Finally, where can people find out more about your work?

I post some writing on my writing blog, writer-denois and I might post pictures of some of my other work there too.

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Squirrel

Thank you, Denois, for participating in this interview and this project. It’s very much appreciated.

Interview: Michelle

Today we’re joined by Michelle. Michelle is an amazing artist who specializes in character and fashion design. She’s also a dedicated fanartist and she writes as well. Michelle has just started to study video game design, so she’s quite a versatile artist with a variety of interests. If her work is anything to go by, she has an incredibly bright future ahead of her. My thanks to her for taking the time to participate in this interview.

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Ace Collection

WORK

Please, tell us about your art.

It’s kind of a mess. My earliest passion was Fashion Design, I try to think up a new mini collection for each Season (I will confess I often let Resort fall by the wayside). I also really enjoy designing characters, since I feel like you can really tell an interesting story through clothes. Pokemon is my one true love (besides Persona of course) so I do a lot of fanart in the form of Gijinkas (really it’s another excuse to make more cool designs). I changed my major from Fashion Design to Video Game Design, right before I started college so I’m starting to learn more about all of the art forms that contribute to making a game.

Outside of visual art, I also do a lot of writing (it’s my job actually), however it’s been a long time since I posted anything. I used to have novels and fanfictions out the wazoo, but most of my projects just end up getting absorbed. I started writing a novel about 7 years ago. It started as a hobby, but ended up being a sort of coping strategy. The past 7 years have been some of the toughest in my life (go figure since I’m 18 now), and throughout all the changes that story and those characters have remained a constant. It’s grown as I have, a lot of my experiences end up influencing the world and stories. It started as the cliché “we’re all high schoolers with super powers and some of us have amnesia” and now it’s “we’re all 6-48 year olds who are in organized crime secretly fighting an extremist groups out to eradicate people with super powers on the side”. I’m actually really proud of the current plot and hope that I can release it someday.

What inspires you?

Lots of things. I tend to have a few ‘muses’ at a time. People (real or fictional) I can just look at or listen to, and suddenly I’ve got an idea. Right now my main muse is Myoui Mina (from the girl group Twice). Other than people, inspiration often comes in random objects (I once was inspired to make a 15 piece collection based off of a cool lightbulb). Most prominently though, is atmosphere. I’ve found that in different periods of your life or experiences/occasions the atmosphere is most memorable. How the air felt, what I smelled, the color of the sky. Remembering how a time in my life felt is often the best way for me to get those creative juices flowing.

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Cirra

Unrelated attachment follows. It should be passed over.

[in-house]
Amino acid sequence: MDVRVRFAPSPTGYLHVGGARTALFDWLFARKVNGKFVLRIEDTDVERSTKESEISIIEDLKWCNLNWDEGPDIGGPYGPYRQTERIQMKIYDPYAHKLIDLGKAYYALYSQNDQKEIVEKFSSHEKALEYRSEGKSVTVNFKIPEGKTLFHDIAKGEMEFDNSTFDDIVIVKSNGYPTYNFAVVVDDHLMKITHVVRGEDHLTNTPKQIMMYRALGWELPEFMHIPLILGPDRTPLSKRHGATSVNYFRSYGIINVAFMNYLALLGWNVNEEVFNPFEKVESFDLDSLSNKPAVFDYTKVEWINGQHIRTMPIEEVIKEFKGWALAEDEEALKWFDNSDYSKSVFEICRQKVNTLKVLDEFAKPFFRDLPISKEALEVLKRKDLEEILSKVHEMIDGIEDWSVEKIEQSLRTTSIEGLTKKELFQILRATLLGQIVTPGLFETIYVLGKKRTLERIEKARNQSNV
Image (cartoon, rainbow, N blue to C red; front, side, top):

What got you interested in your field?  Have you always wanted to be an artist?

I’m not really sure what made me take the leap, but I didn’t always want to be an artist. I was ready to be a Doctor until I found out that I have horrible Hemophobia (just the mention of it used to make be dizzy). I doodled absentmindedly a lot, and it wasn’t until someone asked me if I wanted to be an artist that I realized you could be one. Overtime, art just became something I couldn’t live without. The only issue I had, was that I couldn’t fully dedicate myself to one discipline, as a result I’m, a jack-of-all-trades-master-of-none. But that’s alright, because the other thing I love about art, is that you never stop improving. Even though I’m not terribly good, I know that I will be eventually.

Do you have any kind of special or unique signature, symbol, or feature you include in your work that you’d be willing to reveal?

No, not really I’m afraid. I know that I have a penchant for high collars, but outside of that nothing.

What advice would you give young aspiring artists?

Keep going. Your art will grow with you, even if it doesn’t look how you want it to now, it will someday if you keep trying.

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Perry

ASEXUALITY

Where on the spectrum do you identify?

It’s a bit convoluted I must admit. The short answer I use in most conversations is Bi-romantic asexual. The long answer is Demi(questioning)-Multi-Romantic Autochoriflux-Asexual.

Have you encountered any kind of ace prejudice or ignorance in your field?  If so, how do you handle it?

YES. Absolutely. Honestly, I just kind of let it happen nowadays. If you’re ignorant enough to tell me that I don’t exist/don’t have a place in a specific community to my face then you’re probably not going to take anything I have to say to heart. I have a bad habit of letting people rile me up when I get into arguments, so I just let them think what they’re going to think and continue my business. This is not the case however if I see someone picking on another Ace Spectrum person. Hell hath no fury such as a pissed off Ace, I swear.

What’s the most common misconception about asexuality that you’ve encountered?